Eugene Ostashevsky: The Life and Opinions of DJ Spinoza
Poetry | $15 ($12 direct from UDP)
Smyth-sewn. 128 pp, 4.75 x 7 in.
Publication Date: 2008
"Superhero philosophers and monsters made of math. Epistemology, logic, and the limits of language; meaninglessness, irony and hope. This is deeply serious, and very funny, stuff." —NICOLE KRAUSS, author of The History of Love
"If you haven't yet met Eugene Ostashevsky's alter ego, that New Philosopher DJ Spinoza, you have a delightful treat in store. These multi-layered lyric/narrative poems are zany, profound, hilarious, imaginative, and technically brilliant (what with their rhyming, echolalia, sound play). Ostashevsky is the true heir, not only of the Oberiu poets whom he has translated so brilliantly, but also of Gogol. He understands that today it is more imperative than ever to know 'how to tell the truth / and why.'" —MARJORIE PERLOFF, author of 21st Century Modernisms
"The Life and Opinions of DJ Spinoza is a lovable little book." —BOOKSLUT
"You're not going to find too many poetry collections that are this action-packed." —CATHY PARK HONG at The Poetry Foundation
Eastern European Poets Series #23.
NEWS AND REVIEWS
06.02.11 | Maisonneuve interviews Eugene Ostashevsky
12.08.10 | Little Star Issue 2 features Obeiru-ist Eugene Ostashevsky and others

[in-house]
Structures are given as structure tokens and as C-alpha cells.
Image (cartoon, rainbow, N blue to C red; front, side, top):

07.05.10 | Eugene Ostashevsky profiled on Green Integer’s Project for Innovative Poetry blog
09.24.09 | The Life and Opinions of DJ Spinoza reviewed at Guys Lit Wire
01.15.09 | The Life and Opinions of DJ Spinoza by Eugene Ostashevsky is reviewed by Bookslut
12.15.08 | The Life and Opinions of DJ Spinoza reviewed by Cathy Park Hong at the Poetry Foundation
Eugene Ostashevsky is a Russian-born American poet from New York City. His debut poetry collection, Iterature, displays the dissonant rhythms, heavy unexpected rhymes, and multilingual puns that occupied him at the turn of the century, as well as a healthy interest in mathematics. The Life and Opinions of DJ Spinoza employs characters such as MC Squared, Peepeesaurus, the Begriffon and, of course, DJ Spinoza, to explore the shortcomings of axiomatic systems with the insouciance and energy of Saturday-morning cartoons. He has edited an English-language anthology of Russian absurdist writings of the 1930s by such authors as Alexander Vvedensky and Daniil Kharms. His PhD dissertation was on the history of zero. He teaches the humanities at New York University.